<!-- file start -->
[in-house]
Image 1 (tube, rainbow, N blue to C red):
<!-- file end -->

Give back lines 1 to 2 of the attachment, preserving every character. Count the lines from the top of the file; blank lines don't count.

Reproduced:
[in-house]
Image 1 (tube, rainbow, N blue to C red):